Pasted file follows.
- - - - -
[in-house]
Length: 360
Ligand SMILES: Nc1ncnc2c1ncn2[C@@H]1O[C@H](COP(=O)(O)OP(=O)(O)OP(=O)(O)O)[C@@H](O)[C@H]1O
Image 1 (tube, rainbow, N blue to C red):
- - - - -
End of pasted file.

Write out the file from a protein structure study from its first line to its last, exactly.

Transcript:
[in-house]
Length: 360
Ligand SMILES: Nc1ncnc2c1ncn2[C@@H]1O[C@H](COP(=O)(O)OP(=O)(O)OP(=O)(O)O)[C@@H](O)[C@H]1O
Image 1 (tube, rainbow, N blue to C red):